Suze Orman, financial planning guru, best-selling author, TV personality, entertainer and so on, is scheduled to give a lecture at 7 p.m. tonight at Kent State University. I say scheduled because if she is flying from the East Coast — well, could be iffy. What happened to global warming anyway? Students can attend for free. Others have to pay $20. That isn’t something I would do given that Orman shows up on almost every TV talk show these days. Same message. Different venue.
And hey. We’re in a recession. Orman told viewers watching Oprah a few weeks ago to save cash by not going out to eat for a month. I’m sure those whose jobs depend on people eating out are trying how to best digest that morsel of advice. So given the choice I’d take the $20 and head to Ray’s.
But saying that — I would encourage students to go see her. I think Orman serves up some good advice — and in an entertaining way. And I expect she’ll be long gone before Jack Bauer and 24 comes on the tube.
The point is that financial planning is important. And the sooner you start thinking about it the better. Orman offers what I would call a common sense approach to personal financial management. And this applies to students and others: if you are fortunate enough to be working these days, make sure you have enough savings to survive if you lose your job; diversify your investments; cut your debt — particularly credit card debt; if employed, take full advantage of any employer matching contributions to a savings plan; keep saving, reduce spending.
And the message to young people particularly: You’re pretty much on your own in terms of your retirement. The era of the employer-guaranteed defined-benefit pension is virtually over. Social Security, iffy at best for people years (decades?) from retirement, was never intended to finance a retirement over an extended period of time.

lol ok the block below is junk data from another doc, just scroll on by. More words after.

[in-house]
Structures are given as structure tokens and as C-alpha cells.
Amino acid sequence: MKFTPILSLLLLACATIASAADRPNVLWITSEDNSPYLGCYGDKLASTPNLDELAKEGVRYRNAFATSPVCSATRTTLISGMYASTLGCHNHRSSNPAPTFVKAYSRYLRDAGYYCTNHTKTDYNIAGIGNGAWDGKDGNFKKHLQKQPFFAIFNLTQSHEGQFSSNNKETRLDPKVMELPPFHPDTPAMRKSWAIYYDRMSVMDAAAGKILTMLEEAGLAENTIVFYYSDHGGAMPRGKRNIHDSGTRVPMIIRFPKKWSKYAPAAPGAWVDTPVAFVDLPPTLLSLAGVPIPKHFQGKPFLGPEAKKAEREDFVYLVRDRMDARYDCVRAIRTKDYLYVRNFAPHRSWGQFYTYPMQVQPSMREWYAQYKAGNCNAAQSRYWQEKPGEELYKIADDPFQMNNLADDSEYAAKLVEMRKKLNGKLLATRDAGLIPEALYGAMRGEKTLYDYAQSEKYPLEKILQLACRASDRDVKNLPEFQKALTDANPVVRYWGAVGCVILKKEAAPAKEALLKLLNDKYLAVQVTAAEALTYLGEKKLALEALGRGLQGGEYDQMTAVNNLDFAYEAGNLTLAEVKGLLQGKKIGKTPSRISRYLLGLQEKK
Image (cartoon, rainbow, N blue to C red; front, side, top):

So that raises the million dollar question.
If you manage to save that amount over the course of a working lifetime, in today’s figures, you could expect to have a retirement income of about $40,000 a year. You’ll have to decide when you get to the golden years whether that amount of income is enough or not. But by the time you are heading to play shuffleboard and search for the world’s softest yogurt, you’re sucking a financial tailpipe if it ain’t. And that’s why financial gurus like Suze Orman are such a hot commodity these days.
Saving a million (or more) dollars under the assumptions of the old economy — generally increasing investment returns compounded with deferred taxes over an extended period of time — was doable. Now. Well, nobody knows. And nobody knows for sure how long this recession will last. How much lower the stock market will or can go. And how long it will take to recover if at all. Asian and European markets are tanking again as I write this. The economies of the Eastern European countries are beginning to meltdown. AIG is back for $30 billion more from the public ATM. U.S. stock markets open at a 12-year low. Wow. Maybe I better go see Suze. I digress.
Here’s the reality — expressed by Joel Lovell, writing in The Washington Post, “Outlook: Should We Even Listen Anymore?”
“I write a monthly column for GQ magazine called ‘Men + Money,’ and I had this moment recently, as I was writing about how to rethink 401(k) allocations, when I got to the end of a paragraph and reread it and thought, ‘There’s a good chance that what I just wrote is precisely the wrong advice.’ I tried to figure out how to acknowledge that in the column itself and say, basically, ‘Please don’t make any important financial decisions based on what I’m telling you to do. I honestly don’t know. But also please come back and read what I have to say next month!’ It wasn’t the kind of column that inspired a ton of confidence, money-management-wise.”
So remember that Suze Orman and others are just trying to give you some good common sense insights and advice these days — while making a few bucks in the process. And the fact is nobody knows for sure the answer to the million dollar question.
Wonder if Jack Bauer has a defined-benefit pension plan from the government?